GTI capacity development project(s) of Samyn Yves

Exploration and conservation of the algal and echinoderm biodiversity of KwaZulu-Natal, South Africa – building  voucher collections and increasing local taxonomic capacity

Project details

  • Years


  • Country

    South Africa

  • Studied organism

    Echinoderms: Animalia – Echinodermata;  Macroalgae:  1__Plantae – Chlorophyta/ Rhodophyta;  2__Chromista – Ochrophyta

  • Organising institute (Belgium)

    Ghent University, Royal Belgian Institute of Natural Sciences and Royal Museum for Central Africa

  • Partner institute (South)

University of Cape Town (UCT) and Ezemvelo KZN Wildlife Service

The marine biodiversity of South Africa is particularly rich, and is characterized by an astonishing level of endemism (+30%). Despite considerable efforts in the last few decades, the country still lacks sufficient human and institutional capacity to identify and monitor its marine biodiversity adequately. The present project aims to augment standing taxonomic and curatorial capacity for algal and echinoderm biodiversity.

The project will work through three complementary approaches:

  • Hands-on training in sampling algae and echinoderms through SCUBA-diving, snorkelling and hand-picking at low tides;
  • Build-up of new state of the art reference collections (including relevant literature) in South Africa and where possible also in Belgium;
  • Training of South African students, regional ecologists, biodiversity researchers and conservation officers in the identification and collection management of algae and echinoderms.


To achieve these approaches sampling of all five classes of echinoderms and green, brown and red macroalgae (seaweeds) will be done in different sites along the coast of the province KwaZulu-Natal, respecting all national and international legislation, followed by an intensive course on the identification of the sampled echinoderms and algae and the preparation of the samples for definite preservation in the collections of the South Africa Museum and the herbarium of the University of Cape Town with duplicates in the Royal Museum for Central Africa, the Royal Belgian Institute of Natural Sciences and the herbarium of the University of Gent if possible. Next to this core taxonomic formation, introductory courses on nomenclature, anatomy and phylogeny will also be given.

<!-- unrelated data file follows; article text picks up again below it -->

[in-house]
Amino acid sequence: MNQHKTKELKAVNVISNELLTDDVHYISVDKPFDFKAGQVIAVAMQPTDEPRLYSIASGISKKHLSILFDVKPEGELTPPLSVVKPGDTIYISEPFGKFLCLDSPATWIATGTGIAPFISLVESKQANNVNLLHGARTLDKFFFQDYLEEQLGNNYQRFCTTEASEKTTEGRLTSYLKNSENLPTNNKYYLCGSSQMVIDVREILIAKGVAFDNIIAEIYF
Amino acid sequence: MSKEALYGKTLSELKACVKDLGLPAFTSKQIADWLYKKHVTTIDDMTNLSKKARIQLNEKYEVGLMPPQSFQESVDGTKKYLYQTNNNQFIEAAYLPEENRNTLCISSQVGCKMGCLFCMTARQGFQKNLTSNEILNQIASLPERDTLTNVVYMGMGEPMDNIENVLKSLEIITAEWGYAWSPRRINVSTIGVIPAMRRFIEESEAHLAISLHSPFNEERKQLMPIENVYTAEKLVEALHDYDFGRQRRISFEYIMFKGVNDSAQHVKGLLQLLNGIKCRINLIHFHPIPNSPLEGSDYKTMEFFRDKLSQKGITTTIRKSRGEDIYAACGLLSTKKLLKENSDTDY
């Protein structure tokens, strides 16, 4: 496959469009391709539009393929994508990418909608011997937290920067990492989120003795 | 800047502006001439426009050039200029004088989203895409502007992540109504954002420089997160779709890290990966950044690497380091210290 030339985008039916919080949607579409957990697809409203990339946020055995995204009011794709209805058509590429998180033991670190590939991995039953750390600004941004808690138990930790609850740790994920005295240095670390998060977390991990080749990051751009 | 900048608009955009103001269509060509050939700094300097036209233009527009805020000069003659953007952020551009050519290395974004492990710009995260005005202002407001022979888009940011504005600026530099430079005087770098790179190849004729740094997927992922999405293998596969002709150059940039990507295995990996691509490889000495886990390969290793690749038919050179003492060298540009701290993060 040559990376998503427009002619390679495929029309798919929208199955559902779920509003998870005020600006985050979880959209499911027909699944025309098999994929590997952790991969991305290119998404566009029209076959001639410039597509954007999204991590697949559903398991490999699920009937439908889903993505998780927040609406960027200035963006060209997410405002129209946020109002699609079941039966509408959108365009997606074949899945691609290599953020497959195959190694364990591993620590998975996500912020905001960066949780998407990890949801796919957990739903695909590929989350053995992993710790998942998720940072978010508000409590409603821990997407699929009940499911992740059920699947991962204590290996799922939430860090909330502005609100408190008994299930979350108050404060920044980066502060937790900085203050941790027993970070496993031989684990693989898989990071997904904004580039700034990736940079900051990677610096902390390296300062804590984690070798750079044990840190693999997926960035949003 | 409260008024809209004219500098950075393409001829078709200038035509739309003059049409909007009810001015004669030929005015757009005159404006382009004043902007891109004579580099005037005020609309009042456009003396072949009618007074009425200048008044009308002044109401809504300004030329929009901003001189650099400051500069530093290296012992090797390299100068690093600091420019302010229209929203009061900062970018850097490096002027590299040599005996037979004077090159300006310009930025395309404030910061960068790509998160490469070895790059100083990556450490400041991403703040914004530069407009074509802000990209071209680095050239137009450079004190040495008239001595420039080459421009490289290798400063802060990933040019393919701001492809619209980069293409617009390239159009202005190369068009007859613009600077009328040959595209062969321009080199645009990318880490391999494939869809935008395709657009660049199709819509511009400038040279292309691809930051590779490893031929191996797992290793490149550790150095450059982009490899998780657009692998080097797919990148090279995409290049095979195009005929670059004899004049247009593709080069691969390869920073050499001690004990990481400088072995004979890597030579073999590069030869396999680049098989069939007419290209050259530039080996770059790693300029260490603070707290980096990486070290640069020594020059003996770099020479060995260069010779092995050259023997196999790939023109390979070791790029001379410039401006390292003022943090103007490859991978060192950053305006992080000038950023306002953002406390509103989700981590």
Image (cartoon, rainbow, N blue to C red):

Important short-term outcomes of this project will be updated checklists of the surveyed sites as well as scientific publications in peer-reviewed journals that will document eventual shifts in species distribution. This project will lead to a long-term taxonomic capacity in South Africa because the main trainees will act as duplicators in the nature conservation institute and the university to which they are attached. These institutional links, coupled to international cooperation, ensure that the project will be successful.

Files and additional information

 Volume 19 of Abc Taxa: Olbers, J. M., Griffiths, C. L., O’Hara, T. D., and Samyn, Y. (2019). Field guide to the brittle and basket stars (Echinodermata: Ophiuroidea) of South Africa. Abc Taxa 19, 1-346.

 Digital poster on “DNA barcoding echinoderms of the East Coast of South Africa” presented at the 7th International Barcode of Life (IBOL) Conference (2017)

 Digital poster on “Integrative Taxonomy of the Crinoids of the Shallow-Waters of KwaZulu-Natal, South Africa” presented at the 7th International Barcode of Life (IBOL) Conference (2017)

  Presentations given during the training:

Scientific papers